In this large nationwide cohort study in South Korea, the HP seroprevalence was 43.9% in adults aged ≥ 16 years, and 23.5% of participants had received HP eradication therapy. In addition, four Korean HP prevalence studies using serum anti-HP IgG in 1998 , 2005 , 2011 , and 2016–2017 showed a clear decrease in the prevalence from 66.9% to 43.9% over time, regardless of age, sex, or geographical area. This decline may be attributed to the changes associated with higher socioeconomic status, better sanitary conditions, and greater distribution of nuclear family [4,5,15]. In addition, an individual’s dietary habits, income spent on healthcare, and environmental factors other than the factors identified in this study, may influence the HP seroprevalence; the current study could not explore these potentially contributing factors.
The observed decrease in the seroprevalence of HP infection over time is in agreement with the decline in the prevalence of HP infection in developed countries reported in a recent systemic review  of the global prevalence of HP infection. Hooi et al. reported that the prevalence of HP has been declining in the highly industrialized countries of the Western world, whereas the prevalence plateaued at a high level in developing and newly industrialized countries, at the turn of the 21st century . Although the decline in seroprevalence over time may have resulted from the birth-cohort phenomenon among different generations [4,17], spontaneous or unintended eradication of HP during that period may have partly contributed to the decrease in prevalence observed in the current study.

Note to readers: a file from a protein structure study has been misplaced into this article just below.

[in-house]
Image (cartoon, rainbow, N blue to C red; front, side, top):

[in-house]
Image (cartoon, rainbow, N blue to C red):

The seroprevalence of HP infection in this study increased gradually with increasing age, as in previous studies [8,9]. However, a very low seropositivity (6%) was observed in subjects aged 16–19 years, which was similar to the pattern observed in developed countries [4,17]. The increasing prevalence with increasing age observed in this study is largely explained by the birth-cohort effect, with decreasing colonization rates in subsequent generations [4,15,17]. The decrease in seropositivity observed in subjects older than 70 years after the peak in the previous decade may be explained by the loss of HP following the development of atrophic gastritis, following coincidental treatment with antibiotics, or following the development of immunity without extensive host injury .